Computer Science Is Not Just CodingMy friend is a teacher at our local high school and for the first time this year, she is going to be offering a computer science course. She’s gone to two summer workshops to help her prepare. One workshop was basic, a bit more about how to teach it (‘get...
Kids Are Smart, Calling Them Dumb Is NotSo earlier this morning, I had a Facebook friend post this article to his Facebook profile: What proceeded were a bunch of comments about how kids are now dumber then they used to be. (Of course everyone ignored the link someone posted further in the comments...
The Value Of An Online Versus Traditional Education Environment
Someone asked me to write a post about online degrees. Since I had no experience, I put it out to my Twitter followers. The following is a guest post from Ginger, one of my Twitter friends. She asked me not to link to her account because she wanted to be really candid about her experiences. Here is what she had to say about getting an online degree:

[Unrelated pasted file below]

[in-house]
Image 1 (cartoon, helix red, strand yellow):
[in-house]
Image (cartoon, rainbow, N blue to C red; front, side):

Degree attained: Masters of Instructional Science and Technology
Time it took: Two years, full time online courses
Total cost: Approx. $8000 (not including books) (cost to me, after employer paid for tuition: $1000 plus books)
Financial aid: I was lucky enough to have my employer pay for my Masters. I paid only for student fees (around $250/semester) and books (varied). Thus, I definitely felt it was worth the financial and time investment, even with working full time (and sometimes overtime) and going to graduate school full time. So no, I don’t think my employer paid more for the convenience of online classes.
My program was at a state university, and was what is called a “blended learning environment,” that is we were mostly online (throughout the semester) but at the beginning of each semester (and the end of the last one before our capstone presentations) we met face-to-face. These were required sessions. So our program cost the same price another traditional graduate program on the same campus would have cost.